Steamboat athletes take on FISU World University Games in Lake Placid

Steamboat's Niklas Malacinski celebrates a gold medal performance after crossing the finish line of the men's team sprint at the FISU World University Games in Lake Placid on Tuesday, Jan. 17, 2023.
Logan Swney/Courtesy Photo

Making its triumphant return for the first time in four years, the FISU World University Games are happening in Lake Placid, New York, with two Steamboat Springs athletes representing Colorado Mountain College. 

Steamboat’s Niklas Malacinski and Tess Arnone were invited to compete in the competition and posted strong results to set themselves up well for the remainder of the winter season. Malacinski’s top results include two silver medals, one bronze and a gold in the team sprint event. 

Competing in the Gunderson normal hill competition on Friday, Jan. 13, Malacinski jumped to seventh and knew he had work to do in the race. Remaining calm and maintaining energy for a late push in his final sprint, Malacinski passed five athletes ahead of him and took second overall. 

Two days later, Malacinski competed in the mass start competition, where he won the cross country race by 40 seconds and followed that with the second best jump in the field to earn his second silver medal of the weekend. 

In the mass start, ski jumping follows the cross country race, which Malacinski said makes a big difference. 

“The difference is essentially a mass start is more of a jumper’s competition,” Malacinski said. “In skiing, you can always stick onto someone and ski behind them, get the draft and relax a little more than the person in front is. In that sense, the skiing tends to be a lot closer together, so the jumping matters more. The good jumpers are going to get the advantage.”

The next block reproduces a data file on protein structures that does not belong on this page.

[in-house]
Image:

Niklas Malacinski was the top Nordic racer in all three of his events at the 2023 FISU World University Games in Lake Placid.
Logan Swney/Courtesy Photo

After winning two silvers, Malacinski teamed up with American Evan Nichols for the men’s team sprint competition on Tuesday, Jan. 17. 

The tandem has worked together in the past, and they have been on the Junior World Circuit since they were 15 years old. 

Malacinski had lost to Sakutaro Kobayashi of Japan in each of the previous competitions, but he and Nichols finally got the edge over a strong Japanese partnership in the team sprint. 

“We both knew they were going to beat us in the jumping but we can out-ski them — it’s just how much we can out-ski them in a sprint relay race since there’s not much time,” Malacinski said. “We worked perfectly together. We both were gaining time slowly each lap and then finally when we caught them, I was the anchor and was able to separate on the last hill.”

Malacinski and Nichols won the event by seven seconds. 

For the women, Arnone was the sole American to compete in Nordic combined competitions. Arnone was coming off an ankle sprain, and she said it was tough to compete at her normal skill level. 

“My jumping is definitely lacking more than it used to, so the Gunderson was super tough,” Arnone said. “Then going into the mass start, it’s just a little bit of a different format, and I was able to ski with a group rather than ski on my own prior to the jumping.”

Steamboat’s Tess Arnone was strong in the Nordic races at the FISU World University Games in Lake Placid, taking fourth overall in the mass start race on Sunday, Jan. 15, 2023.
Tess Arnone/Courtesy Photo

Arnone raced to fourth in the mass start but ultimately fell to sixth overall after jumping. 

Both Arnone and Malacinski were back in action in the mixed team event on Thursday, Jan. 19, where one athlete competes in a Nordic combined event and the other two members of the opposite gender take on a ski jumping and cross country event, respectively.

Both were on the Nordic combined leg of the competition on separate teams with Malacinski helping lead his team to third overall and Arnone’s team taking 11th.

The two will return to Steamboat for a couple weeks to recover and begin preparations for the Junior World competition in Whistler, Canada, in February.

“This hill, in my opinion, is similar to the one out in Whistler,” Arnone said. “Training in Steamboat is so different because we’re at such a high altitude. Whistler and Lake Placid are closer to sea level and the rest of Europe is closer to sea level than we are, so it just changes the jumping a little bit.”

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